In a letter to House Speaker Savali Talavou Ale, Lolo said the assistance the bill provides to adequately fund the operations for ASPA is much needed and appreciated.
This administration bill says of the $86.59 million in the budget bill, $43.93 million goes to the electric division; $7.51 million to water division; $5.77 million for wastewater division; $3.55 million for Solid waste (trash collection) division; and $25.81 million for fuel marketing division.
The largest budget item is $53.29 million in the materials/supplies category followed by $10.59 million in contract services, however details of these expenditures were not included in the budget bill, but are expected to be submitted separately during an after-the-fact Fono review.
Funding sources come from utility rate revenues, fees, charges and grant funds identified for appropriation in ASPA’s proposed annual budget for FY 2013, according to language of the bill.
LAWSUITS AGAINST GOVERNMENT
Vice Speaker I'aulualo Tali Faafetai wants Police Commissioner William Haleck to "incorporate into his vision" as head of the Department of Public Safety, the issue of lawsuits filed against the American Samoa Government.
I'aulualo said over the past three years, there have been liability claims against ASG because of negligence and poor judgment. The Manu'a lawmaker made reference to the $6-million-dollar lawsuit involving the Laufou fire and told Haleck that the Fire Bureau was part of reason for the lawsuit and he wanted the police commissioner to look into ways of minimizing loss due to liability against the government. He said the Fono keeps coming across judgments and for the most part, they are all outstanding because there is no money.
Haleck assured the faipule that he will do his best as Commissioner to accomplish that goal before his tenure is over. He said there are issues with fire hydrants that need to be addressed, in addition to the lack of equipment and training for the staff. He said American Samoa is a small island and he doesn't see why they can't get grants for these purposes.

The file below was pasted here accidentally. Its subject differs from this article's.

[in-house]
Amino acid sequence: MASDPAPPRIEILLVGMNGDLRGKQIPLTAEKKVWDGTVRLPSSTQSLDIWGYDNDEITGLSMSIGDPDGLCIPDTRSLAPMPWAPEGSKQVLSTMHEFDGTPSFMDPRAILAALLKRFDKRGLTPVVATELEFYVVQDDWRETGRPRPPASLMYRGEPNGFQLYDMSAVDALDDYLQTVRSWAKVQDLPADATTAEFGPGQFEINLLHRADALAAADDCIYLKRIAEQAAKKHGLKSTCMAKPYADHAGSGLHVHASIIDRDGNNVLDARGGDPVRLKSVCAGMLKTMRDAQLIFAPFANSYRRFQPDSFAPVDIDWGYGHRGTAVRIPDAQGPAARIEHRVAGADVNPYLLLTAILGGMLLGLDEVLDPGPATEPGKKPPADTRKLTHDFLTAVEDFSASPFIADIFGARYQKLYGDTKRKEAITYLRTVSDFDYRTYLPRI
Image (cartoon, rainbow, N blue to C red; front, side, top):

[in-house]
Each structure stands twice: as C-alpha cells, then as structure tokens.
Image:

AUASI WHARF AND AIRPORT LODGING FOR AUNU’U RESIDENTS
Saole faipule Rep. Talaimatai Elisara Su'a has requested Port Administration director Taimalelagi Dr. Claire Tuia Poumele to install a security fence, resurface the parking area and construct better bathroom facilities at the Auasi wharf to accommodate the more than 300 Aunuu residents who travel between the two islands everyday for school, work, and personal reasons.
Talaimatai told Taimalelagi that about 30 vehicles belonging to Aunu’u residents, himself included, have been vandalized and damaged while parked at the Auasi wharf.
The freshman lawmaker has also requested that Taimalelagi to set aside an area at the Tafuna Airport to accommodate Aunu’u residents during times when flights going in and out of the territory are delayed. He said there have been times when the flights are delayed for hours and local residents have the luxury of going home to rest and coming back to the airport to catch the flight. However, Aunu’u, he said, residents don't have that choice because the small boats that travel between Auasi and Aunu’u don't operate at night and the trip is just too far.
ABUSE OF POLICE VEHICLES
Rep. Atualevao Gafatasi Afalava says there are too many police cars on the road. The Leasina faipule said that while he understands the duties of police officers require them to be on patrol, he doesn't understand why there are so many cars with "PS" license plates driving around. (All cars belonging to DPS have yellow government-issued license plates starting with "PS" followed by two numbers).
Atualevao said he does not mind seeing patrol cars on the road but what he is concerned about is the high number of cars marked "PS" driving back and forth "running errands" that could be done over the phone. Atualevao told Police Commissioner William Haleck that he should look into the matter, as he considers the practice an abuse of government property.
"How can we pay for overtime for the police officers if they are abusing government property?" he asked. Atualevao told Haleck that sometimes, DPS personnel drive from the central station in Fagatogo to deliver a message to one of the substations or the TCF. He wondered why these deliveries need to take place when messages can be relayed with a simple phone call from one office location to another.